Friday, 5 August 2011

Trends in Advertisements

The roles of females have greatly domesticated in popular culture, especially in advertisements.  Many advertisements contain women in roles such as cooks, maids, babysitters, as well as sex objects in order to sell product. In the beginning, advertisements were once shown to sell a product, however, as years pass, advertisements begin to objectify women and begin to use women as a way to sell products. Will these roles stop putting women in such domesticating roles, or will women continue to be the subject to products? Looking at the trends of advertisements, women continue to be one of main objects for a product. The trends have greatly changed, creating a gap between the products being sold to the objects they use to sell the product. The advertising trends began before the early 1900s until present time, where the roles of women have changed drastically beginning from products being sold on literally terms, to solving personal and social problems, to consumer association and present, as a subliminal and unconscious desire (Peden).
Advertisements began before the 19th century, where advertisements were meant to sell the products in literal terms (Peden). For example, [fig. 1] demonstrates a product that is sold based on what the product entails. It explains the literal use and image of the product without additional slogans or objects. As you see, women did not have to sell themselves at this time, why now?

[fig 1](Marquees)
Advertisements have developed throughout the years in order to sell more products. In the early 1900s, advertisements have been a way in solving personal and social problems (Peden). Women at this time were placed as the main audience for the products advertised. In [fig 2], products are advertised in a way to make people feel insecure. The particular advertisement, denotatively, shows a man walking away from a woman whom is crying, which indicate anger from a man, and sadness from the woman. However, connotatively, the man is shown with control and high status, while the woman is seen as insecure, vulnerable and ditsy. The text “is a wife to blame if she doesn’t know—“and “Mistakes many women often make” (Zonite) indicate the downgrading of women. The text indicates the lack of knowledge of women in comparison to men. If a man was to leave you because you didn’t use a particular product, would you buy it? This advertisement says it all, use the product and keep the man, don’t use it and lose him. You never know if you would be a victim of this type of advertisement if you were placed in this time.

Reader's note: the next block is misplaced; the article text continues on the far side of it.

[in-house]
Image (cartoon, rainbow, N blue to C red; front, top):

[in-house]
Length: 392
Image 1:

[fig 2] (Zonite)
Around the 1950s, women began to be more accounted into the domestic role. Women are placed in advertisements that consumers associate them to (Peden).Women are often seen with 'rough house work' such as washing the dishes, as seen in [fig 3] (Mullins and Pearson 238). Are women meant to do all the dishes? – Apparently, yes. With the phrase “Get out of the kitchen sooner!” (Lux). Men are often seen ‘behind the scenes’ when it comes to domestic labour such as house cleaning, grocery shopping and babysitting. It shows that they are not the dominant role when it comes to home duties. The man in the advertisement is seen on a couch, having the dominate control to do what he wants.

 [fig 3] (Lux)
Often, the differentiation between males and females in advertisements are distinct. Females are often seen with certain products, while men are seen with others. However, when men are seen with ‘women jobs’, they are often struggling or are in need of help. For example, in [fig 4] it shows the switching of the male and female roles back in the mid 1900s. If you look at the image now, women taking on men roles are considered normal; however, back in earlier days, the quote “Madam! Suppose you traded jobs with your husband?” (unknown) makes it seems totally obscure. It shows that women are dominant in the home duty department, where men lack the skills to do house chores. Who would have known that men and women would be able to switch roles in the future?